The simple reason Russia and Turkey won't go to war

BBCA screenshot from a BBC video showing the crash.

Relations between the governments of Russia and Turkey have gone down the toilet this week, after the Turkish military shot down a Russian jet flying near the Syrian border.

World War Three trended on Twitter. It was clearly a big deal.

And in reaction, Russia has already taken some action — Moscow has advised Russians against travelling to Turkey, and there have been some low-level sanctions on Turkish food imports.

But it seems pretty unlikely that this is going to spark any wider military conflict, for one simple reason.

Russia has a considerable economic connection to Turkey, one that neither side is particularly keen to snap. That’s especially true with energy.

A note from HSBC analysts Melis Metiner and Artem Biryukov explains the links between the two countries.

Here’s the kicker paragraph (emphasis ours):

Turkey is the second-largest export market for the Russian company Gazprom, second only to Germany. In 2014, Russia exported 23.7bn cubic metres of natural gas to Turkey, which corresponds to 5.3% of Gazprom’s total production. Figures published by the energy regulator in Turkey (EMRA) paint a similar picture, even though the figures are not identical. In 2014, Turkey’s total natural gas imports from Russia reached 27bn cubic metres, which corresponds to 55% of Turkey’s total natural gas imports (including nearly 2.0bn cubic metres of LNG bought from other countries).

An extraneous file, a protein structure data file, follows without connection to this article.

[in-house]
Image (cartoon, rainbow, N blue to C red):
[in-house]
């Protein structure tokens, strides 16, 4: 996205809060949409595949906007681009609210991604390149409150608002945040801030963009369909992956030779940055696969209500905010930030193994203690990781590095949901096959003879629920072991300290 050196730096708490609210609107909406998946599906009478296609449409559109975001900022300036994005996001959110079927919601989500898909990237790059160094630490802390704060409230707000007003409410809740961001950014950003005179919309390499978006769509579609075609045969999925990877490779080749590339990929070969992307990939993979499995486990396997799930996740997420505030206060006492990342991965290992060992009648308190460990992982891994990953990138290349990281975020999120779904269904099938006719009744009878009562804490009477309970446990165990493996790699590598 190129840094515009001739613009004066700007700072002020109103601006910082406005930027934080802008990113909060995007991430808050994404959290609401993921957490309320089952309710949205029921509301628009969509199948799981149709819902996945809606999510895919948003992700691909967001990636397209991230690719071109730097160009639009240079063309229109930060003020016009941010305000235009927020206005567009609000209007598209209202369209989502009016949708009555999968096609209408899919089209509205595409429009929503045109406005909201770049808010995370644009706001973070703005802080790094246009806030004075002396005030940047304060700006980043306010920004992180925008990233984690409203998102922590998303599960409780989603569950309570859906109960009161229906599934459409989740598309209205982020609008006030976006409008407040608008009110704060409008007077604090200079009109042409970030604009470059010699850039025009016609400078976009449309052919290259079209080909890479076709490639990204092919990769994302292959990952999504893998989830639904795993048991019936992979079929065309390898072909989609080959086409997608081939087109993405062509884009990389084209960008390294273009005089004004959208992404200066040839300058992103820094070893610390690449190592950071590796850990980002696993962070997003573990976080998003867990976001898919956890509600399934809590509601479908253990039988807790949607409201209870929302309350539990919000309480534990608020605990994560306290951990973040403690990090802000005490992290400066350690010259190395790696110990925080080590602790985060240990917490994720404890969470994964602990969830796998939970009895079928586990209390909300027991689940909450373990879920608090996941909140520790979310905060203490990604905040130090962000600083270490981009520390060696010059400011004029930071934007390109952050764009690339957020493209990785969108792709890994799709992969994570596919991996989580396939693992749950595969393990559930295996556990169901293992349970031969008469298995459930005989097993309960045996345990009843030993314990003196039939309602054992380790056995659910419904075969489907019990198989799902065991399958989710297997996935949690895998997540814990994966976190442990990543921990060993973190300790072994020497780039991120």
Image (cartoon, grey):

That 55% from Russia is considerably larger than any other country’s figure:

The Russian energy industry has already taken a serious kicking over the past year or so, with tumbling oil prices taking the ruble with them. Even after the downing of their jet, it seems unlikely that the Kremlin is about to give the country another self-inflicted wound.

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